of Hitler, the assassination of John F. Kennedy, and the supposed assassination
of Pope John Paul I in 1978. However, a simple reading of these poems make the interpretations
which have been read into them dubious. For example, consider the quatrain which
has been cited as Nostradamus? prediction of the assassination of John F. Kennedy:
The great man will be struck down in the day by a thunderbolt,
The evil deed predicted by the bearer of a petition:
According to the prediction another falls at night,
Conflict in Reims, London and pestilence in Tuscany.
(Century 1, Quatrain 27)
After the fact, believers in Nostradamus have seen details in common with the
assassination of JFK. He was struck by a bullet (?a thunderbolt?), his assassination
was predicted by Jean Dixon (?predicted by a bearer of a petition?), and his
brother was also assassinated the night of his primary victory in California (?another
falls at night?). However, it would not be difficult for the student of history
to find dozens of historical events which could be fit into this rather vague
Those who want to see Nostradamus as a prophet can find sufficient evidence
by scanning his hundreds of quatrains and trying to fit them into current events.
The French astrologer would appear to fit into a pattern. He made one very famous
successful prediction, but one which was actually pretty easy to foresee. King Henry
II of France was killed in a joust as was seemingly predicted by Nostradamus.
Beyond that, he made extremely vague predictions which could be variously interpreted.
We will see that the statements of the Old Testament prophets concerning the Messiah
y different from this pattern.
The assassination of JFK brings us to the person who is probably the best know
?prophet? of the twentieth century, at least to Americans?Jean Dixon. In 1963,
Dixon successfully predicted that John Kennedy would be shot. This one prediction
made her reputation and her career as a psychic. Is there any chance that Jean
Dixon made a lucky guess? Given the facts of the Cuban missile crisis, the assassination
attempts on Castro sponsored by the Kennedy regime and the public commitment
to bring down the leaders of American organized crime under the leadership of Bobby
Kennedy, this prediction was not exactly a huge shot in the dark. After this
one dramatic prediction (admittedly, it was pretty dramatic), Dixon never made
another major successful prediction again. Yet, she remained America?s most famous
supposed prophet for a generation. The pattern repeats itself. One successful
but fairly easily predictable guess, followed by a number of either very vague
predictions or ones which anyone might guess anyway. ?I predict that there will be
a big scandal in the White House next year.? As we will see, this pattern bears
no relationship whatever to the predictions of the Old Testament prophets.
One could move on to the prophets of today. The ?prophets? employed by the National
Enquirer and similar publications make their yearly predictions. There will
be scandal in the White House and unrest in the Middle East. The stock market
will go up. This stuff is to be taken as seriously as the Farmer?s Almanac and
its ?prophecy? of the weather for the coming year.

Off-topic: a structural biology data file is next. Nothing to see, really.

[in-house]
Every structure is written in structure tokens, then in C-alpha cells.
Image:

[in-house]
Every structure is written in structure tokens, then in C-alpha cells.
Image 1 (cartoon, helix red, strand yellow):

Comparing modern-day prophecies with those in the Bible, especially with the
prophecies in the Old Testament, is a whole different thing. Consider the command
given to Israel concerning the prophets:
You may say to yourselves, ?How can we know when a message has not been spoken
by the Lord?? If what a prophet proclaims in the name of the Lord does not take
place or come true, that is a message the Lord has not spoken. That prophet
has spoken presumptuously. Do not be afraid of him.
The prophets in the Old Testament made predictions, both about events in the
short term, and events in the distant future. Most typically, their short-term
prophecies did not make it into the biblical text. Those who were consistently
able to get it right when predicting events in their own time were accepted as true
prophets. Is there any modern-day ?prophet? who is able to meet this standard?
Does the National Enquirer publish last-year?s predictions at the beginning
of the new year and evaluate their accuracy? Do they fire anyone who makes a false
prediction? What would you guess?
But this brings us back to the subject at hand. Jesus claimed openly to the
Jewish people that their Bible was written about him. He openly and boldly claimed
that all the prophecies written about the Messiah were written about him, and
that he fulfilled those prophecies in his own lifetime. This claim is quite
testable. It is either true or it is not. In claiming to be the fulfillment
of the Old Testament passages about the Messiah, Jesus threw down the gauntlet.
If his claim was true then without a doubt:
1. Jesus is the Messiah.
2. The Old Testament is inspired by God
The question is, will the claims of Jesus to have fulfilled all the prophecies
of the Messiah stand up to the test of the skeptic?
In order to approach this question, we will consider the kinds of questions
a reasonably skeptical inquirer might ask, which would include the following:
1. Are there really specific prophecies about the coming Messiah in the
Bible, or are we simply reading what happened to Jesus into vague
passages in the Old Testament which in reality are not prophecies at
2. If there are in fact some bona fide Old Testament prophecies of a
coming Messiah, when were they written?
3. Did Jesus really fulfill these prophecies? How do we know? Is
there independent confirmation outside the biblical text?
4. Is there any chance Jesus was aware of the Messianic prophecies